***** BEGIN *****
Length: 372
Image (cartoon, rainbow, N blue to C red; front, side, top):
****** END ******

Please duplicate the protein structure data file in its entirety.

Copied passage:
Length: 372
Image (cartoon, rainbow, N blue to C red; front, side, top):